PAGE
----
I bumped open the saloon doors and cut my way through the crowd. Shoving in, I passed two hardmen sitting on a bench at a corner table. One of them looked up at me, nudging the other as I went by. ‘What’s wi’ the fancy clothes, hen? Yer a bit late fur guisin’ — Hallowe’en wiz last month!’ I glared at them, but kept my mouth shut. They were strangers, not regulars. As I approached the bar, Maggie looked up, spotted me and smiled.
‘Look who it is! The Canongate Kid!’ she grinned; I grinned back. ‘You’re lookin’ perjink the night, as always!’
‘Good evening Maggie,’ I replied ‘You are also looking — er — perjink? You are well today I hope?’ I was picking up the good Scots tongue from her, but occasionally I struggled to keep up.
‘Ach aye, I’m fine doll, just fine. And how’s yourself?’
I gazed warmly into her sparkling blue eyes. ‘Pour me something to cut the phlegm, Maggie. I’ve just had a shocking experience. I walked into a bar back there and collapsed on the floor.’
‘Aye?’ she smiled a wry “tell-me-another-one” smile. ‘Was it an iron bar?’
‘No, much worse.’ I paused, looking at her gravely. ‘A Temperance Bar.’
She laughed, I laughed, and even some of the regulars around us joined in. George the barman, less impressed, looked at me disapprovingly from the corner of his eye and muttered under his breath. We both looked at him and laughed again, harder.
The Major and I would stop by at Rutherford’s a couple of times a week. I’d quickly developed a rapport with Maggie because, unlike most of the regulars, I understood that nobody ever, ever pulls the barmaid. I charmed her without the least idea of it actually leading anywhere, simply because we both enjoyed each other’s patter. She was also undoubtedly impressed by the fact that I clearly didn’t give a damn for the pub’s unwritten rule that said ‘NO WOMEN!’. In most bars in Scotland back then, the only place we would have been allowed was the snug, a small separate lounge where we could sip a demure sherry, or a half pint of Sweetheart Stout, safely chaperoned by husbands, boyfriends or whatever. Rutherford’s didn’t have a snug.
Maggie set an Old Gold Watch and a half pint of beer on the counter in front of me. I picked up the whisky and swigged it down. After a moment, I slid ten shillings across the bar and asked ‘Where’s the best place to go hunting medical students, Maggie?’
She looked at me slyly. ‘D’you want to sell your body to science?’
‘Not while there’s still breath in it, no.’ I winked and waved away my change which she slipped into her pocket. ‘I always follow the money, Maggie, and medical students have plenty of it. It’s that simple.’ I said, playing it vague.
‘Well, you’ll find all sorts o’ students in here at the weekend,’ she said, placing another whisky in front of me. ‘Lawyers, artists, poets…and medics. The lot really. They’re rowdy and mouthy, but they spend well. Flashy, ye understand. I ken fine how tae keep them in line.’ There was pride in her voice, defiance in the way she folded her arms.
‘I’m looking for a very specific set of students though.’ I lowered my voice and moved in a little closer. ‘The Coffin Club.’
Her expression grew serious; she glanced around and whispered, ‘MacFarlane’s gang? What do ye want to get mixed up wi’ that lot for? Whit are ye up to, hen?’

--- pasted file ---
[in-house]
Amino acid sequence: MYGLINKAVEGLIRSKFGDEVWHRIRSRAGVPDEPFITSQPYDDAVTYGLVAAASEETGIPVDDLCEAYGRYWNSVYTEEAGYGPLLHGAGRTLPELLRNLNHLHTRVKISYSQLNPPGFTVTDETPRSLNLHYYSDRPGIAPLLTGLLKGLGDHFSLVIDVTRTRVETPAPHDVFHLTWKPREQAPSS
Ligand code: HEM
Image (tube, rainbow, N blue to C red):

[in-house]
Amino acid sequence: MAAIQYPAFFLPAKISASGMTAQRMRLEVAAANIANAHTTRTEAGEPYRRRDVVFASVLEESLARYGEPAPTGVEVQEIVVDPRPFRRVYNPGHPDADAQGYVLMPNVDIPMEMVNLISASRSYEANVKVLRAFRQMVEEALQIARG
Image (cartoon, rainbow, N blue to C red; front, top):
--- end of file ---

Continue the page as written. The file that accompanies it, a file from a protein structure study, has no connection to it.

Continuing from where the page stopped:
My ears pricked up at the name; I dodged her question with one of my own. ‘MacFarlane? Is he the ringleader?’
‘Aye, after a fashion. Peter MacFarlane. He’s the President of the club. “Chief Mourner” to give him his official title.’
‘And what is he like, this Peter MacFarlane?’
‘Like the rest. A toff, a swell, a sleekit bastard. He got to the top of the pile because he bullies his pals, and he has the loudest mouth of them all. His faither runs a fleet o’ steam puffer boats on the river Clyde and up the islands on the west coast. The family aren’t exactly shipping magnates, but they do well enough and keep him plied wi’ cash. They fund his trouble making with one hand and keep him out of court with the other. He’s just cunning enough to keep them from cutting him off, and he lets the other club members take the blame for him as often as possible.’
‘And what does he look like?’
‘Och, handsome enough I guess. If ye like that sort of thing,’ she added cryptically. ‘About 23. Tall; just this side of six foot I’d say. Very slender face wi’ high cheekbones, the real teuchter type. ‘
‘Teuchter?’ I asked, completely lost.
‘Aye, a highlander. A bumpkin. Viking blood ye ken. Fair complexion, red-gold hair in waves. Over fond o’ the brilliantine bottle. A wee cat’s-lick o’ a moustache. Always dressed tae the nines. A bit like yersel’! Cannae miss him, hen.’
‘Is he ever in here?’
‘Aye, sometimes on a Saturday night maybe. But more often than no’, ye’ll find him and his cronies up the Forrest Hill Buffet.’
This was all I needed to know about MacFarlane. Rich, arrogant, greedy, vain — a bully. This was all good news. I knew exactly how to play him. I’d built my whole stage persona around his type; the well-heeled, fickle young cad. A cold-hearted, ruthless, swaggering shit. At least in Britain they could be channelled into the professions, the army or the civil service; spread them around the Empire a bit and stop them from doing too much damage at home. You could always depend on another war to thin them out a bit too. But back home in Germany at that time we had a particularly nasty strain of them. They were angry and resentful about the Treaty of Versailles, and the ones who had been too young to actually fight in the war felt they had missed out somehow and were determined to make up for it. In Berlin, I’d had ample opportunity to observe them at close quarters. I think it’s safe to say everybody knows how they turned out.
Maggie was called away to the other end of the bar to serve a little huddle of regulars. I settled into my favourite corner on a bench that ran the length of the far wall near the fireplace. I tipped the whisky into my beer like a hardened local: a half and a half. It hadn’t taken me long to go native in Scotland.